Assess Your Accountability Current
The “accountability current” flowing through the organizations of the most recent company failures—Lehman Brothers, Countrywide Financial, AIG, Enron, WorldCom, Global Crossing, Quest, Adelphia, CitiGroup, Tenet, Delorean, Arthur Andersen LLP, ImClone, Waste Management, Xerox, Health South, CreditSuisse First Boston, Fiat, and Lucent Technologies—flowed in one direction—downward.
There is an Accountability Current that flows in every organization. That current is the directional flow of accountability and identifies where the accountability originates and the direction it moves. That flow can be either top-down or bottom-up, which determines whether accountability is flowing from you or toward you. Downward flowing accountability keeps everyone at the top attempting to regulate all the important activity in the organization. While keeping tabs on people and projects, these people at the top often feel as if they are the only ones taking accountability for results. To make matters worse, when these top line leaders take their hands off the controls, the current ceases to flow and the entire accountability process begins to break down. Only when they retake the controls and resume their top-down oversight does accountability once again take effect.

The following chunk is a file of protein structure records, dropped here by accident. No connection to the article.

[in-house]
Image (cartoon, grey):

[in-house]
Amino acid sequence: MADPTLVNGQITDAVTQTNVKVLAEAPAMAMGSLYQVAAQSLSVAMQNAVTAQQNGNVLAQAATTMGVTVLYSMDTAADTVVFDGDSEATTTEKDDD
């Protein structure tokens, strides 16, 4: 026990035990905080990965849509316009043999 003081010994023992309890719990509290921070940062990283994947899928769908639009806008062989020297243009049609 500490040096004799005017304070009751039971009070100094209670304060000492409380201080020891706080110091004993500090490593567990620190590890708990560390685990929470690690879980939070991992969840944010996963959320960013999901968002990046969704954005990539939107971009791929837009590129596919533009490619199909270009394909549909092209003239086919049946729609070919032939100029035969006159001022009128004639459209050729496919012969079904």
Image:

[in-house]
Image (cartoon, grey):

In our opinion, downward flowing accountability—which has become a way of life in far too many organizational cultures—has led to the crisis of accountability we see throughout the world today. In organizations with top-down accountability people below the top level often feel as if they must obey orders or suffer the consequences. Accountability looms large when something goes wrong. Not surprisingly, most people tend to resist and avoid this sort of accountability because it seems coercive. You can see the dilemma: people abdicate their personal accountability to those at the top because the people at the top are working too hard to control and enforce it.
When the Accountability Current flows upward in an organization, people take action on their own initiative, report proactively to their boss (and to their teammates and peers), raise issues, make good judgments, resolve problems, and, in general, make things happen. They don’t sit around waiting for someone else to do something; instead they take action on the work that needs to be done. This sort of accountability does not originate at the top; it begins with the individual, no matter where he or she works in the organization. People at all levels hold everyone upon whom they depend accountable–including the people they report to, the people who report to them, peers, customers, vendors, suppliers, and every other stakeholder. Follow-up becomes a natural, ingrained habit.
How does the Accountability Current flow in your organization?
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